Why Change Your Home Air Filter?

Regular maintenance of your home heating, ventilation and air conditioning system (HVAC) is critical to ensure its long life and efficiency.

The air filter keeps pollution and debris out of your home system. A dirty filter will slow down the air flow, making both the furnace work harder to heat your home and your AC work harder to cool it. This wastes energy and can result in higher energy bills. Proper maintenance of this system can help keep your loved ones safe from extreme temperatures and will also help you save some money!

How Often?

According to Energystar.gov, the filters on your home system likely need to be changed either once a month or once every three months, depending on the type you're using. You should check the product information on the filters for the manufacturer's suggested frequency of change.

Depending on where you live, the time of year, and how much you're using your AC or furnace, you may end up having to change your air filter more frequently. For instance, during a steamy summer when you're running your system constantly, you may end up having to change the filter more often than if the weather is nice and you're relying on open windows. If you have pets this could increase filter changes.

How to Do It:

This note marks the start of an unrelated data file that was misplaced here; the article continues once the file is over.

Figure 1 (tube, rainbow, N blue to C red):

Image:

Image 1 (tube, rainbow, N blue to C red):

Following these steps will make changing your air filter easy. But, always make sure to read your home system's manufacturer instructions to ensure you understand how to properly change the filter.

Step 1. Buy a new filter.

Before you buy a new air filter, check your owner's manual to identify the right size (it should also be printed on the side of your existing air filter). You should be able to get a replacement filter at a hardware store, or some department stores sell them. Remember! Pleated filters decrease air flow. That can cost you more money.

Step 2. Turn off the unit.

Be sure to turn off your home unit before attempting to change the filter, for your own safety. If you can't figure out how to turn off the unit itself, you should turn off the breaker. You can also turn it off at the thermostat.

Step 3. Remove the old filter.
You either have filter grills or it will be located in or near the furnace. The filter should easily pull out of its slot.

Step 4. Insert new filter

Simply slide the new filter into place. There are arrows to indicate which way the air should flow through the new filter into the furnace.

If you have a filter grill the arrow points away from you.

If you have an electronic air cleaner, have it checked by a professional!

Checking your thermostat!

Step 1. Is it mounted to the wall?

A loose thermostat does not work well. Air leaks can come behind it. Most thermostats have to be level. If it gets banged around it can get broken.

Step 2. Is you thermostat digital?

Non digital thermostats waste energy and can cause damage to your equipment because there is no time delay during brown outs.

Step 3. Is your thermostat programmable? Is it WIFI?

Some people love technology, some don't but they both like saving money. Programmable stats save money.

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